2. Turn to page 123.
3. Find the 5th sentence.
4. Post the next three sentences.
5. Tag 3 people.

book: Letters Written in France, by Helen Maria Williams, published 1790.

"The Poor, he believed, were only born to suffering, and he determined, as far as in him lay, not to deprive them of their natural inheritance. on the whole , if it were the great purpose of human life to be hated, perhaps no person ever attained that end more completely than the Baron Du F----. His son discovered early a taste for literature, and received an education suitable for literature, and received an education suitable to his rank and fortune."
A little light reading on the French Revolution from my "Romanticism and War" class. The book is really more fun than this clip suggests. But I guess you'll have to take my word for it.

Groooover, Dinty, and Special K, consider yourself tagged!

Wednesday, April 16, 2008

Shameless photo post for oogling grandparents and other biased relatives

A few more pictures from the week

Our Bobcat

A young woman in town was nice enough to help rearrange our rear bumper last week. And this week her insurance company was nice enough to accept responsibility for it.

We're glad everything, including the bumper, will all soon be ironed out.

Mr. Baseball andthe Monkey, this morning, playing trains together. The Superman pajamas use to belong to Mr. Baseball. Yikes! What happened?

Bad Breakfast idea #234: Protein Cheerio Shake.

I got out of the shower this morning at 8:40. I teach at 9:10. Granted I only live three minutes from my building, but I still had to get dressed, help a bit with the kids, get some breakfast, finalize a few things for my lesson plan, and get out the door--In short, I was feeling a little rushed. I got dressed and poured myself a bowl of Cheerios, but as I reached in the fridge for the milk I remembered that I was scheduled to donate plasma at noon and realized that cereal probably wouldn't be enough to keep me coherent during the donation process. So I set the cereal down and pulled out the chocolate protein powder. After whipping up a glass of 100% whey protein chocolaty goodness I took another look at the bowl of still-dry cheerios on the counter. I looked at the protein shake in my hand, and back at the cheerios, and then at the milk jug on the counter, and without giving it another thought, poured the protein shake over the cheerios. It really wasn't that bad--just kind of thick, and well, everything tasted a bit like sawdust. I wouldn't recommend it. What did you have for breakfast?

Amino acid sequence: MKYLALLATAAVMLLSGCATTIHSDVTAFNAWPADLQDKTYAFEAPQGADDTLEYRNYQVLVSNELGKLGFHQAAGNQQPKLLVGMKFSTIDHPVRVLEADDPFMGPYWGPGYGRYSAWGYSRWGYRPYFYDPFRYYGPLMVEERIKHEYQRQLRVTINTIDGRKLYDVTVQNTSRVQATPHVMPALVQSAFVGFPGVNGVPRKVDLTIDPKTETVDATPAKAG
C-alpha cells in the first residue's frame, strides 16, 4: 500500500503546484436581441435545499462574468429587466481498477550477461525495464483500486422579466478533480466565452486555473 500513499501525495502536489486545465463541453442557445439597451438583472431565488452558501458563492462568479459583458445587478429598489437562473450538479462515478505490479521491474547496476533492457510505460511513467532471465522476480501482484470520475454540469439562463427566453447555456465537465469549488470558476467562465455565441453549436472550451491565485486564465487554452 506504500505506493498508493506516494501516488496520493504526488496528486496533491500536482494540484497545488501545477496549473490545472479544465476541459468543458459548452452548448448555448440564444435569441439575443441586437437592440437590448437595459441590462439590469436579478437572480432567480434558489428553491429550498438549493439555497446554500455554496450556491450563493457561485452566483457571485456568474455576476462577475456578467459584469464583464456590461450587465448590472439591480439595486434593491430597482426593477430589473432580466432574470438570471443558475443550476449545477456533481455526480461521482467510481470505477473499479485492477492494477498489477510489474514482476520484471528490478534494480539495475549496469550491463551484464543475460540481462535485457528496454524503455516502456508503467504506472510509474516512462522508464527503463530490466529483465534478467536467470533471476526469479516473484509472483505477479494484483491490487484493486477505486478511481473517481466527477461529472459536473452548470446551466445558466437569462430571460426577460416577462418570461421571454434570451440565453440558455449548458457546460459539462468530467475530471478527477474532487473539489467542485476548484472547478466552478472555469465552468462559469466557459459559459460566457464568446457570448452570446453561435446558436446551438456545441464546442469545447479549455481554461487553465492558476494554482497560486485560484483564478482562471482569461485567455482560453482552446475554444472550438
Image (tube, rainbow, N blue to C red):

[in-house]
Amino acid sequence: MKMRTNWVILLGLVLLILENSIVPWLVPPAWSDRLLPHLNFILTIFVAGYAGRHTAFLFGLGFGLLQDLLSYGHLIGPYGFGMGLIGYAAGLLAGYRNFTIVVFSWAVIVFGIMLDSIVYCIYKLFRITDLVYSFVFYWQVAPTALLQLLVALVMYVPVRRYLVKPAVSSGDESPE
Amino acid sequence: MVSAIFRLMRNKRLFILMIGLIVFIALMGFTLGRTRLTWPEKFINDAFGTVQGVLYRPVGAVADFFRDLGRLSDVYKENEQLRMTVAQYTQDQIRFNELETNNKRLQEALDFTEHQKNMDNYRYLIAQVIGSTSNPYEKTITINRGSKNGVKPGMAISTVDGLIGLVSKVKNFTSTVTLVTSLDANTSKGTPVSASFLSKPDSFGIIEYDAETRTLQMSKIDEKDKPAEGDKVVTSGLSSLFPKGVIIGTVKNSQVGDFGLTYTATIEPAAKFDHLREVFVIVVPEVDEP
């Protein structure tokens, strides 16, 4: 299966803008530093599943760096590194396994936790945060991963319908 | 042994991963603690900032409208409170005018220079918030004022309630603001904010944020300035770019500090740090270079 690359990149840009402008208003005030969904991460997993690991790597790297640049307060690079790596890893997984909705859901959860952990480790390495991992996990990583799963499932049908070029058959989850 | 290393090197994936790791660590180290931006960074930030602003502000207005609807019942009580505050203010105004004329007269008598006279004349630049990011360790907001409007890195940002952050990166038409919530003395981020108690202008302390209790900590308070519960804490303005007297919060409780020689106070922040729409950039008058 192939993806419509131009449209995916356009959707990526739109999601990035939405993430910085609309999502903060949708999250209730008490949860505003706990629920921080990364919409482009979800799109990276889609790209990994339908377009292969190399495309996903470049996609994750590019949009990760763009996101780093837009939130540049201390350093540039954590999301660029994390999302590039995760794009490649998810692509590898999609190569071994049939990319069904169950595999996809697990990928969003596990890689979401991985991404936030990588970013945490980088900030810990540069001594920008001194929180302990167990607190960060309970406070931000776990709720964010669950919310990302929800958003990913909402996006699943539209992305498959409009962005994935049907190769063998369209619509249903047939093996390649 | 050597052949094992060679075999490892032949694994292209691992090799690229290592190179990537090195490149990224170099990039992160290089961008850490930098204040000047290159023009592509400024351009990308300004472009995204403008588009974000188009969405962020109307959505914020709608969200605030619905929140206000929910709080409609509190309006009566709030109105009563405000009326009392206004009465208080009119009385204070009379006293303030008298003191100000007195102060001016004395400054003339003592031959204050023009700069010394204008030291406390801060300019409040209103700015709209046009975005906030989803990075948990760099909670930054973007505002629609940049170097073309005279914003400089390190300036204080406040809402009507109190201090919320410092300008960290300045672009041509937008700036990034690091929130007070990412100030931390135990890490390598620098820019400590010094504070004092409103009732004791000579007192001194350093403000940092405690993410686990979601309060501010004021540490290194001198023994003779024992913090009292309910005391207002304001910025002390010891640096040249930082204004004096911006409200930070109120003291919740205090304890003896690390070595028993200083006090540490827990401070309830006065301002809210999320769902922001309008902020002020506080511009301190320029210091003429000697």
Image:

Tuesday, April 8, 2008

Two kinds of Book Tag

1) I'm applying toothpaste to Mr. Baseball's new toothbrush (the maintenance guys had to haul our toilet out to the front lawn to retrieve the last one!) when he runs in to tell me he threw a book in the Monkey's face and the Monkey laughed. Hmm... brotherly love? At least he's honest about it.

2) Shiloh tagged us, but not in the face.
It just so happens I'm reading an excellent book called Three Cups of Tea by Greg Mortenson and David Oliver Relin. The book was in my lap when I read your post Shiloh! It made me laugh.

Here are the rules:

1. Pick up the nearest book (with at least 123 pages)
2. Turn to page 123.
3. Find the 5th sentence.
4. Post the next three sentences.
5. Tag 3 people.

Here it is then:
' "He slipped me a bill roll of rupees," McCown says, "and asked me to act like a big boss from America. So I hammed it up. I walked around like a chief, paying everyone their wages, telling them they were doing a great job, and to really throw themselves into it, and finish as fast as they could." '

I think this book has hit #1 on the New York Times Bestseller List (nonfiction paperback) and I'm thrilled, I think it's a great book about a great cause and I hope more people read it.

I tag Brooke, the Buchanans, and Mom Fitzgerald/Nana